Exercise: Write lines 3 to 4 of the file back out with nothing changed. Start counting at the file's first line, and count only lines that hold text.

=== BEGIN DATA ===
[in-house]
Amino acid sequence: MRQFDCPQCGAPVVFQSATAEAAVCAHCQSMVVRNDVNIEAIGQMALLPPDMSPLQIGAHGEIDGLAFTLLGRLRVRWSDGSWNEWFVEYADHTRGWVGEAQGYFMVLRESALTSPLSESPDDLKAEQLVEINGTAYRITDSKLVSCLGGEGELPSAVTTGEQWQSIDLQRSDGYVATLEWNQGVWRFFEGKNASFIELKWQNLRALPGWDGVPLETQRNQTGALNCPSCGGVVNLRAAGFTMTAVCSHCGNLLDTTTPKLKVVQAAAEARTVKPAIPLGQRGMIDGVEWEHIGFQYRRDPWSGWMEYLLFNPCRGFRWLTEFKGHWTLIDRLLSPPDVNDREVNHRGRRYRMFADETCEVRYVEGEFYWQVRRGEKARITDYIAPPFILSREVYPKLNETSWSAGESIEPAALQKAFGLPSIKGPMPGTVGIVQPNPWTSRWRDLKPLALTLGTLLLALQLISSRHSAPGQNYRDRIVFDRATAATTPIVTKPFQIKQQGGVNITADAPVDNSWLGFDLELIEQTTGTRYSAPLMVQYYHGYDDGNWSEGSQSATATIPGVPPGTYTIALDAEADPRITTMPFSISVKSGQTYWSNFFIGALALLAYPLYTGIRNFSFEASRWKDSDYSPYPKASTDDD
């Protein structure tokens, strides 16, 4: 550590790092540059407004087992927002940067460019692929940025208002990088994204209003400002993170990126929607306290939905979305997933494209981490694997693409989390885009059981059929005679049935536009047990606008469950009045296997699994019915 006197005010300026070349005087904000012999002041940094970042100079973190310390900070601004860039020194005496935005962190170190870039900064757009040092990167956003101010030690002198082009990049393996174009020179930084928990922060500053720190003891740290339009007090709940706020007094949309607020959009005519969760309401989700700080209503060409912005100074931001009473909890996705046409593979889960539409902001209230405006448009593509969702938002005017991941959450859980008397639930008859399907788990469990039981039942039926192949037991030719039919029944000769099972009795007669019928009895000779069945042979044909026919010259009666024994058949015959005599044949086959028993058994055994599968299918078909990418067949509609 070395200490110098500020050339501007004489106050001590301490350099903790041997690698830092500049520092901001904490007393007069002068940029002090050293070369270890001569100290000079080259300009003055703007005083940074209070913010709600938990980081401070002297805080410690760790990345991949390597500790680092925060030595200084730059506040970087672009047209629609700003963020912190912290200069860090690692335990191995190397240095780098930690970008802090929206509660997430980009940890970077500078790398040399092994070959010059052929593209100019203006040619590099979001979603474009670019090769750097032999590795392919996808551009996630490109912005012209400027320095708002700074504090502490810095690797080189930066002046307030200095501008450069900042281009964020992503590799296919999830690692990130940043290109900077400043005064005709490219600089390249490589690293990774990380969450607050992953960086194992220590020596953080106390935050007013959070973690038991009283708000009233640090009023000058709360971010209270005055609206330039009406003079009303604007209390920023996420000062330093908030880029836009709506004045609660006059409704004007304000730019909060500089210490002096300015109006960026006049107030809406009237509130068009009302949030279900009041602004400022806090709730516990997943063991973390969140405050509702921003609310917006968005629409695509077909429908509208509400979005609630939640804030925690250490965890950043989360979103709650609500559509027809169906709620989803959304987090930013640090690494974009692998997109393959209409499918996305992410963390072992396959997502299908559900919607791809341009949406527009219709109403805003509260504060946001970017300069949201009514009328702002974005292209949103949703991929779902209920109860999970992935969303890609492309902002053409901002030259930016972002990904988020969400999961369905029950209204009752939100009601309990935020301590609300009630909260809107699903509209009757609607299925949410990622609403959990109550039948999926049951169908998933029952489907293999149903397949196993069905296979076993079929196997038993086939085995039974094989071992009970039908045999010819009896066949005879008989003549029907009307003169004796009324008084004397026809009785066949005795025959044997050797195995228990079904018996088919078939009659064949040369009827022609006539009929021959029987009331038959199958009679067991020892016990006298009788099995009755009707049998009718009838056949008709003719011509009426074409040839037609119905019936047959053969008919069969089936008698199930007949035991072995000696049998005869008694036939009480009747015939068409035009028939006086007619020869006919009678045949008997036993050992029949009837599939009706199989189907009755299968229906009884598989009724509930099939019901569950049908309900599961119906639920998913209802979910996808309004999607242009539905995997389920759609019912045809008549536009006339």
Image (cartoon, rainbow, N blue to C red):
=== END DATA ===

């Protein structure tokens, strides 16, 4: 550590790092540059407004087992927002940067460019692929940025208002990088994204209003400002993170990126929607306290939905979305997933494209981490694997693409989390885009059981059929005679049935536009047990606008469950009045296997699994019915 006197005010300026070349005087904000012999002041940094970042100079973190310390900070601004860039020194005496935005962190170190870039900064757009040092990167956003101010030690002198082009990049393996174009020179930084928990922060500053720190003891740290339009007090709940706020007094949309607020959009005519969760309401989700700080209503060409912005100074931001009473909890996705046409593979889960539409902001209230405006448009593509969702938002005017991941959450859980008397639930008859399907788990469990039981039942039926192949037991030719039919029944000769099972009795007669019928009895000779069945042979044909026919010259009666024994058949015959005599044949086959028993058994055994599968299918078909990418067949509609 070395200490110098500020050339501007004489106050001590301490350099903790041997690698830092500049520092901001904490007393007069002068940029002090050293070369270890001569100290000079080259300009003055703007005083940074209070913010709600938990980081401070002297805080410690760790990345991949390597500790680092925060030595200084730059506040970087672009047209629609700003963020912190912290200069860090690692335990191995190397240095780098930690970008802090929206509660997430980009940890970077500078790398040399092994070959010059052929593209100019203006040619590099979001979603474009670019090769750097032999590795392919996808551009996630490109912005012209400027320095708002700074504090502490810095690797080189930066002046307030200095501008450069900042281009964020992503590799296919999830690692990130940043290109900077400043005064005709490219600089390249490589690293990774990380969450607050992953960086194992220590020596953080106390935050007013959070973690038991009283708000009233640090009023000058709360971010209270005055609206330039009406003079009303604007209390920023996420000062330093908030880029836009709506004045609660006059409704004007304000730019909060500089210490002096300015109006960026006049107030809406009237509130068009009302949030279900009041602004400022806090709730516990997943063991973390969140405050509702921003609310917006968005629409695509077909429908509208509400979005609630939640804030925690250490965890950043989360979103709650609500559509027809169906709620989803959304987090930013640090690494974009692998997109393959209409499918996305992410963390072992396959997502299908559900919607791809341009949406527009219709109403805003509260504060946001970017300069949201009514009328702002974005292209949103949703991929779902209920109860999970992935969303890609492309902002053409901002030259930016972002990904988020969400999961369905029950209204009752939100009601309990935020301590609300009630909260809107699903509209009757609607299925949410990622609403959990109550039948999926049951169908998933029952489907293999149903397949196993069905296979076993079929196997038993086939085995039974094989071992009970039908045999010819009896066949005879008989003549029907009307003169004796009324008084004397026809009785066949005795025959044997050797195995228990079904018996088919078939009659064949040369009827022609006539009929021959029987009331038959199958009679067991020892016990006298009788099995009755009707049998009718009838056949008709003719011509009426074409040839037609119905019936047959053969008919069969089936008698199930007949035991072995000696049998005869008694036939009480009747015939068409035009028939006086007619020869006919009678045949008997036993050992029949009837599939009706199989189907009755299968229906009884598989009724509930099939019901569950049908309900599961119906639920998913209802979910996808309004999607242009539905995997389920759609019912045809008549536009006339």
Image (cartoon, rainbow, N blue to C red):